After using the camper for the last four months on our northern journey, which we traveled approximately 23,000kms/14,300 miles we have the following items to report.

Truck:
The truck performed without any trouble what so ever.  Never having  issues with elevation changes, powering up the mountain roads easily and the engine brake doing its job on the downhill side. The mileage started to improve once we turned over 80,000kms/50,000 miles. We drove the Dempster Highway (750kms of dirt road each way) to Inuvik without airing down the tires, travelling about 80kph/50mph, and no punctures. The ICON suspension did its work smoothing out the corrugated and bumpy sections. The 60US/50 Imp. gal. Titan Tank was wonderful as we could drive over 1100km/685miles to a tank.

Camper:
We designed the interior layout and find it works very efficiently for us. The solar power and house batteries work well, as we never needed to be plugged into shore power while in the north country, the long days of sunlight were certainly a plus. Once we became familiar with how the diesel appliances (cooktop/water heater/forced air heat) operated, they all performed as expected.  Being able to carry 45gal. of fresh water we are able to live off grid for 7-8 days depending on usage.  Part of our original discussions about our trip and the camper were to leave as small a foot print on the planet as possible while travelling, so the decision to use bio-degradable products was a no brainer.  Using biodegradable soaps allows us to dump our grey water in the bush if needed. The limiting factor was the cassette toilet as it only holds about 4.5-5gal. of black water, the good news is, it can be dumped down any toilet and just flushed away as well as at a dump station.
It was never hot inside the camper even with temperatures in the high 20s C/low 80s F.  We have plenty of well positioned windows to give maximum air flow.  We have had many inquiries as to why we don’t have AC, and simply, it is not required.  We look forward to enjoying warmer weather when we head south and we will report on the air flow if we find it to be different. The odd morning along the coast in Alaska it was a little chilly, however we used the Wallas cooktop in heat mode to warm the camper. Using the Espar to heat water to wash with or do dishes with usually takes 3-4 minutes to get hot, almost instant hot water.
We really like our custom 6”/15cm pocket coil bed from Halstead in Calgary. When we visit friends, we  prefer to stay in the camper, as our bed is so comfy. (Also less work for our wonderful hosts)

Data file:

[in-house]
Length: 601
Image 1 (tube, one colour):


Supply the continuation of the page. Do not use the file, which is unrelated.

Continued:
The camper needed some warranty work taking care of when we returned to OEV, mainly a leaking skylight in very heavy rain and an open window support not letting us close one of the small side dinette windows. We also had a silencer added to our Espar exhaust  as it was a little noisy. OEV also installed the awning and outside shower which they were unable to install prior to us leaving in the spring.  (Possibly a good thing, as weight was a concern)

Upgrades:
The Chevy 3500HD truck was just about at its Gross Vehicle Weight (GWV) when loaded, which was cause for concern, especially once we began meeting others  who had breakdowns with their loaded vehicles.  We did not know if these issues where because of their loads or just wear and tear. We also wanted bicycles and outdoor cooking facilities. With this in mind we decided to change out the Chevy 3500HD for a Dodge 5500, we probably could have gone with the Dodge 4500 but for the difference in price went with the 5500, we were lucky to get this truck as they are hard to come by at time of purchase.  Southside Dodge, Red Deer had one on order for a customer who cancelled their order, we put a deposit on it at in mid August, with an expected delivery date the end of September (we where still in Alaska). We chose the Dodge over a Ford or a heavier Chevy because of the Cummins engine and its reliability.  On the front we had a Bullet Proof Bumper installed. This new truck  gives us a GVW of 19,500lbs. The truck came with a 198L/52US/44 Imp. gallon tank.  Super Single wheels were installed all around in lieu of the Dually’s which came on the rear of the truck. Now when fully loaded we still have approximately 4000lbs of spare load capacity, it gets a workout when loaded but is well within the capability of the truck.

On the first leg of the trip bikes would have come in handy, but due to space limitations it was not possible.  OEV built a platform  in the back seat space of the cab of the truck to mount the bikes and the seat can still be used if need be. After researching folding bikes we decided to purchased two folding Voltbikes, these have four inch fat tires and electric assist when needed and have a range of approximately 40km/25miles to a charge.

OEV built an outdoor kitchen which has a Coleman Propane dual burner stove and a propane BBQ installed with a bowl for washing the dishes or keeping drinks cold, the legs fold in on the kitchen for storage and it all fits neatly into the outside storage box OEV built, which also gives an additional storage cabinet between the truck and camper. We have two 5lb propane bottles mounted in the lower storage cabinet below the deck mounted cabinet. We purchased a second cassette for the toilet which will extend our remote camping ability to 10-14 days, this is stored in one of the lower flatbed cabinets.

We also have a Solaroven, we will report on how all this works once we have given everything a good workout.

Next: Baja Mexico